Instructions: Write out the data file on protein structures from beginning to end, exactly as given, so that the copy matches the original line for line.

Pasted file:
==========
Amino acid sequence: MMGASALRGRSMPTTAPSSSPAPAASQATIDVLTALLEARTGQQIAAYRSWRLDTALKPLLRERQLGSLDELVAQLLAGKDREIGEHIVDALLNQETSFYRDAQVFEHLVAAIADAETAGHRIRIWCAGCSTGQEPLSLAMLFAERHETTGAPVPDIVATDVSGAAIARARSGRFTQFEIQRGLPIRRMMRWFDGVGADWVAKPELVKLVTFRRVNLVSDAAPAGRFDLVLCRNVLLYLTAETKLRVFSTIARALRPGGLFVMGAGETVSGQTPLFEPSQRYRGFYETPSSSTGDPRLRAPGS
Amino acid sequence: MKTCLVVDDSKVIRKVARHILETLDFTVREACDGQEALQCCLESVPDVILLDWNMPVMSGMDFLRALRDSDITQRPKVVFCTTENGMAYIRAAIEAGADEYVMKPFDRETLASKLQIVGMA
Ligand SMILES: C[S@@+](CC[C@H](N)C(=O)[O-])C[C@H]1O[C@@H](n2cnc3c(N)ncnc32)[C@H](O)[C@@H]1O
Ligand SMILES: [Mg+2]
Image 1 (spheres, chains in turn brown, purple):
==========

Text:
Amino acid sequence: MMGASALRGRSMPTTAPSSSPAPAASQATIDVLTALLEARTGQQIAAYRSWRLDTALKPLLRERQLGSLDELVAQLLAGKDREIGEHIVDALLNQETSFYRDAQVFEHLVAAIADAETAGHRIRIWCAGCSTGQEPLSLAMLFAERHETTGAPVPDIVATDVSGAAIARARSGRFTQFEIQRGLPIRRMMRWFDGVGADWVAKPELVKLVTFRRVNLVSDAAPAGRFDLVLCRNVLLYLTAETKLRVFSTIARALRPGGLFVMGAGETVSGQTPLFEPSQRYRGFYETPSSSTGDPRLRAPGS
Amino acid sequence: MKTCLVVDDSKVIRKVARHILETLDFTVREACDGQEALQCCLESVPDVILLDWNMPVMSGMDFLRALRDSDITQRPKVVFCTTENGMAYIRAAIEAGADEYVMKPFDRETLASKLQIVGMA
Ligand SMILES: C[S@@+](CC[C@H](N)C(=O)[O-])C[C@H]1O[C@@H](n2cnc3c(N)ncnc32)[C@H](O)[C@@H]1O
Ligand SMILES: [Mg+2]
Image 1 (spheres, chains in turn brown, purple):